Since the eruption of the war in Ukraine, Israel, which traditionally has imported grains from Russia and the Ukraine, has been feeling an acute shortage. According to the United Nations, Ukraine was the world’s sixth largest exporter of grain in 2021, owning 10 percent of the world’s market in that arena.
Recent media reports cite Israeli officials as claiming that there soon won’t be any wheat left in Israel’s emergency storage facilities and that a solution must be found as soon as possible for this.
It has recently been reported that Israel’s Finance Minister Avigdor Liberman is going to Azerbaijan in order to try and fix this. Ayoob Kara, who served as Israel’s Communication, Satellite and Cyber Minister under Netanyahu, stated in response: “Azerbaijan can be a solution. They are a partner of Israel and a very important state for Israel, so anything that they can give is a solution and it could be great. They have to start an examination. They have the lands and the systems, so I think that we can be successful together.”
However, at the same time, Azerbaijan has temporarily limited the export of grain products until December 31, 2022 in order to “regulate the export from the country a number of basic food products that are part of the minimum consumer basket and goods used in their production.”
Azerbaijan has also been feeling the crunch when it comes to the strains on the global supply of grain. Israel is not alone in this situation.
Last January, Azerbaijan imported $32,475 million US worth of wheat from abroad, with 50.1% coming from Kazakhstan and 49.9% coming from Russia. It should be added that Russia’s share on the Azerbaijani wheat market decreased by 37.1%, while Kazakhstan’s share increased by 37%. Thus, the war in Ukraine has caused Azerbaijan to be more cautious about their wheat supply, even if the country purchasing the wheat is a close friend of theirs.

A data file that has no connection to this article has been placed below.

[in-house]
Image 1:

Yet, Azerbaijan can be a viable solution to the oil crisis that the world is experiencing in the wake of the Ukraine crisis, as Azerbaijan is blessed with a large domestic supply of that commodity. Presently, Azerbaijan supplies 40% of Israel’s oil supply and if Liberman secures an additional deal, more oil will be pumped from Azerbaijan to the Caspian Sea and then on to the Mediterranean Sea, connecting Israel to Azerbaijan, Georgia and Turkey.
Prominent Azerbaijani journalist Anastasia Lavrina added: “For 30 years, Azerbaijan and Israel have been able to verify the reliability and stability of bilateral relations, laying a solid foundation for the development of multifaceted mutually beneficial cooperation. Now the sides are working on expanding bilateral relations. The increased frequency of mutual visits indicates an interest in developing relations in all spheres. The economy and energy are of particular interest and therefore the visit of Israeli Foreign Minister Avigdor Liberman to Azerbaijan indicates that the two countries intend to work on expanding trade and economic ties as well as cooperation in the energy sector.”
According to her, “More and more countries are expressing interest in developing energy cooperation with Azerbaijan. Recently, the European Union has been acting as a platform for direct meetings between the leaders of Azerbaijan and Armenia, realizing how important long-term peace and stability is in the South Caucuses region. The increased interest of the EU in post-conflict regional development can also be described from the side of high interest in developing its energy policy by diversifying supplies.:
"The Southern Gas Corridor has every prospect oof being expanded and adding new participants. At the same time, while developing energy cooperation with the European Union, Azerbaijan is also developing a partnership with Israel. According to the information being spread by some media sources, Israel is interested in purchasing Azerbaijani oil in large quantities. All of this once again points to the growing geopolitical and geostrategic role of Azerbaijan in the global arena.”